Just back to the Bay Area from Seattle where the weather was slightly better. Robert and I spoke together at Microsoft, Amazon and the Seattle Chamber of Commerce. Robert has already filed an excellent and observant post. He had a fourth talk, which I managed to keep out of.
What inspired me the most, a little to my surprise, were the folks at the Chamber of Commerce. These were folks, as Robert puts it, who were hungry to learn. I met a wedding planner who blogs, and an architect and carpet cleaner, among others, who plan to soon follow suit. This is heartening for me. The day has finally come where small businesses can use technology tools to elevate and differentiate themselves and it is heartening to find so many in one room plunging into the blogosphere.
Amazon, to my surprise, turned out to be just about the toughest audience we faced. We got a great many questions challenging any contention that Amazon would benefit from blogging in any way. They voiced fears of losing control, IP, blog fraud, nasty comments and so on. Additionally, there was also a contention that Amazon uses enough mechanisms--forums, comments etc., to know what their customer thinks and that the brand should speak for all the employees. This profoundly disappoints me. While Robert and I received many words of encouragement following our talk, I left with the personal sense that it will be a tropical day in Seattle before any blogging between companies and customers is forthcoming from Amazon. I really hope that I'm proven wrong on this one.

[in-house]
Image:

By contrast, the audience yesterday at Microsoft was among the warmest and most enthusiastic of any we have faced. Yeah, it's Robert's home turf, but I don't think that was what was happening. I think it's that they get blogging. They enjoy being part of a company whose leaders seem to encourage their blogging. They are aware of how blogging has taken a tarnished image and improved it so much. They have learned that customers respond more warmly to people like themselves more than than they do to brands. brands.
I love these Naked Conversations talks But what I love is the interesting dialogue with people who attend. We walk away wiser from every presentation. What we hear s so much more valuable to us than what we get to say. Audiences everywhere continue to surprise us and we love it.
(NOTE--I just cleaned up a couple of typos here and republished.)